Welcome to The Coode Street Podcast, an informal weekly discussion about science fiction and fantasy featuring award-winning critics and editors Jonathan Strahan and Gary K. Wolfe. The Coode Street Podcast debuted in 2010 and has been nominated for the Hugo, British Science Fiction, and Aurealis awards.
Every year there are thousands of books published and any one of them could appeal to you. To help you find great new books, Locus publishes a list of forthcoming titles every three months. And to help you navigate through that, each quarter we invite Locus Editor-in-Chief Liza Groen Trombi to join us and discuss the books that we think might be most interesting that are due out between now and the end of 2015. This month, unfortunately, Liza was not able to join us. However, we have persevered and have some recommendations for you. Of course, we strongly recommend you pick up a copy of the June issue of Locus and see the full list, which goes through to March 2016.
Voting on the shortlist for the 2015 David Gemmell Awards for Fantasy is now open. The award, established in memory of David Gemmell and first awarded in 2009, honors fantasy novels that adhere to the “heroic” or “epic” subgenre that Gemmell himself worked in. Awards are given for Best Novel, Best Debut Novel, and Best Cover Art. Past honorees include Patrick Rothfuss, Brandon Sanderson, and Helen Lowe.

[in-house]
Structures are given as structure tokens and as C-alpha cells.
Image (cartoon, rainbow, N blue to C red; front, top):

You might expect a late-Sunday BEA panel to be a sedate affair, but The Big Bad Theory was anything but! Charlie Jane Anders, author of All the Birds in the Sky, moderated a lively discussion on the tropes of villainy with authors Ilana C. Myer, Scott Westerfeld, David Wellington, and Michael Buckley. If you’re trying to write a villain, these panelists have some excellent advice for you! Anders kicked things off by asking the audience to give her their best “villainous mwahahaha” – and the room responded with a truly terrifying enthusiasm.